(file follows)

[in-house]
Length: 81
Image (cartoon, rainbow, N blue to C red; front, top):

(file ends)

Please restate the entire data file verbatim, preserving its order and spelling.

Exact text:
[in-house]
Length: 81
Image (cartoon, rainbow, N blue to C red; front, top):